Confrontational and at times confounding, these are stories to get lost in, then gratefully chart a path homeward.

THE BEST AMERICAN SHORT STORIES 2015

These stories thrive on discomfort, so much so that each small kindness registers as a minor miracle.

Editor Boyle favors dark tales, but they often have strange, bright moments. In Kevin Canty's "Happy Endings," a widower's worldview expands after he finds comfort in a massage parlor. "Unsafe at Any Speed" by Laura Lee Smith offers a cowed husband, father, and employee a one-day respite from ass-kissing via a highly spontaneous crime spree. There's a jittery veteran untethered from space and time ("The Fugue" by Arna Bontemps Hemenway) and one calmly using his prosthesis to shut down a dinner party ("The Largesse of the Sea Maiden” by Denis Johnson). Victor Lodato's "Jack, July" spends a hot, haunting day with a young man in need of a meth fix. As is common with this series, the authors' notes at the end include insight from each about the inspiration and process behind his or her chosen works. Jess Walter describes "Mr. Voice," the final story and a strikingly upbeat one, as all following from a perfect first line. Its 1970s setting and protagonist—a teen girl finding stability with her unusual stepfather—are a pleasing counterpoint to the downbeat and downtrodden who sometimes overwhelm this volume. Stories of children lost, then found, ("Sh'khol" by Colum McCann and "Thunderstruck" by Elizabeth McCracken) seem like they would resolve happily, but be not fooled. In the first, joy and relief immediately turn to suspicion and then a sense of greater loss; the second finds a family so fractured by what happened it's unclear whether they'll heal in its wake. Five of the 20 stories chosen first appeared in The New Yorker, and the others share their preference for occasional inscrutability. Many also test the boundaries of "short," nearly novellas in terms of length and scope.

Confrontational and at times confounding, these are stories to get lost in, then gratefully chart a path homeward.

Pub Date: Oct. 6, 2015

ISBN: 978-0-547-93940-7

Page Count: 416

Publisher: Mariner/Houghton Mifflin Harcourt

Review Posted Online: Aug. 17, 2015

Kirkus Reviews Issue: Sept. 1, 2015

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TO KILL A MOCKINGBIRD

A first novel, this is also a first person account of Scout's (Jean Louise) recall of the years that led to the ending of a mystery, the breaking of her brother Jem's elbow, the death of her father's enemy — and the close of childhood years. A widower, Atticus raises his children with legal dispassion and paternal intelligence, and is ably abetted by Calpurnia, the colored cook, while the Alabama town of Maycomb, in the 1930's, remains aloof to their divergence from its tribal patterns. Scout and Jem, with their summer-time companion, Dill, find their paths free from interference — but not from dangers; their curiosity about the imprisoned Boo, whose miserable past is incorporated in their play, results in a tentative friendliness; their fears of Atticus' lack of distinction is dissipated when he shoots a mad dog; his defense of a Negro accused of raping a white girl, Mayella Ewell, is followed with avid interest and turns the rabble whites against him. Scout is the means of averting an attack on Atticus but when he loses the case it is Boo who saves Jem and Scout by killing Mayella's father when he attempts to murder them. The shadows of a beginning for black-white understanding, the persistent fight that Scout carries on against school, Jem's emergence into adulthood, Calpurnia's quiet power, and all the incidents touching on the children's "growing outward" have an attractive starchiness that keeps this southern picture pert and provocative. There is much advance interest in this book; it has been selected by the Literary Guild and Reader's Digest; it should win many friends.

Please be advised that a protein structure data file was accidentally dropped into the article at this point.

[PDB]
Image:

Pub Date: July 11, 1960

ISBN: 0060935464

Page Count: 323

Publisher: Lippincott

Review Posted Online: Oct. 7, 2011

Kirkus Reviews Issue: July 1, 1960

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Nothing original, but in Hilderbrand’s hands it’s easy to get lost in the story.

BAREFOOT

Privileged 30-somethings hide from their woes in Nantucket.

Hilderbrand’s saga follows the lives of Melanie, Brenda and Vicki. Vicki, alpha mom and perfect wife, is battling late-stage lung cancer and, in an uncharacteristically flaky moment, opts for chemotherapy at the beach. Vicki shares ownership of a tiny Nantucket cottage with her younger sister Brenda. Brenda, a literature professor, tags along for the summer, partly out of familial duty, partly because she’s fleeing the fallout from her illicit affair with a student. As for Melanie, she gets a last minute invite from Vicki, after Melanie confides that Melanie’s husband is having an affair. Between Melanie and Brenda, Vicki feels her two young boys should have adequate supervision, but a disastrous first day on the island forces the trio to source some outside help. Enter Josh, the adorable and affable local who is hired to tend to the boys. On break from college, Josh learns about the pitfalls of mature love as he falls for the beauties in the snug abode. Josh likes beer, analysis-free relationships and hot older women. In a word, he’s believable. In addition to a healthy dose of testosterone, the novel is balanced by powerful descriptions of Vicki’s bond with her two boys. Emotions run high as she prepares for death.

Nothing original, but in Hilderbrand’s hands it’s easy to get lost in the story.

Pub Date: July 2, 2007

ISBN: 978-0-316-01858-6

Page Count: 352

Publisher: Little, Brown

Review Posted Online: June 24, 2010

Kirkus Reviews Issue: May 15, 2007

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